And though Jet.com has shown remarkable growth, it is hard to imagine any path to profitability for the company. Even if it does achieve profitability, it is even harder to see that profitability significantly moving the bottom line at a massive company like Wal-Mart.
Looking to the future
Perhaps the most important metrics at play are sustainable competitive advantages. Amazon's raison d'etre is to be the best customer service company in the world, especially when it comes to order fulfillment and shipping speeds. To that end, it currently has 80 domesticfulfillment centers, with plans to add 32 more. As best I can tell, Jet only hastwo (in Kansas and New Jersey), and Wal-Mart has between seven and 12.
Those fulfillment centers are crucial, because they help guarantee that Amazon can get packages to Prime members as quickly as possible, typically two days or less. Wal-Mart and Jet fans are quick to point out that Jet also offers such guarantees on shipments from its fulfillment centers, and even for products not shipped from Kansas or New Jersey, Jet pressures third-party suppliers for similar guarantees.
The problem is that the delivery and logistics game is rapidly changing. Five years from now, Amazon may be able to offer one-day shipping, or even same-day delivery. Drone deliveries get closer and closer to becoming a reality, and with over 100 locations, there's simply no way Wal-Mart or Jet could offer the same type of customer service from just 10 to 15 fulfillment centers.
Some argue that Wal-Mart and other brick-and-mortar players could transition the use of their physical locations into quasi-fulfillment centers. Wal-Mart currently has over 780 million square feet of retail space domestically when Sam's Club is included. When Amazon's known build-out plan is completed, it will have just under 100 million square feet.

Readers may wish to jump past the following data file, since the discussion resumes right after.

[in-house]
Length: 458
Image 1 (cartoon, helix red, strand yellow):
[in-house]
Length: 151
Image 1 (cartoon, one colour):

It would seem that Wal-Mart has the upper hand. But what investors need to recognize is that the company would have to cannibalize its physical retail space -- the bread and butter that pays the bills -- in order to capitalize on such an opportunity. It would be a bold move, but management has given no concrete indications that it is a move the company is willing to make.
In much the same way that we now find it unconscionable to wait 10 seconds for a website to load when just 10 years ago that seemed like lightning fast connectivity, I see a future where same-day or even next-hour delivery is the norm. Whether or not that actually pans out isn't the point: Amazon -- in addition to having a huge head start -- also has far more optionality to stay ahead in the e-commerce industry.
At the end of the day, I'm not sure what the right move for Wal-Mart would be. But I do know that as far as shareholders are concerned, there's a high probability that Jet.com's $3 billion price tag will never be justified by additions to Wal-Mart's bottom line.
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Brian Stoffel owns shares of Amazon.com. The Motley Fool owns shares of and recommends Amazon.com. Try any of our Foolish newsletter services free for 30 days. We Fools may not all hold the same opinions, but we all believe that considering a diverse range of insights makes us better investors. The Motley Fool has a disclosure policy.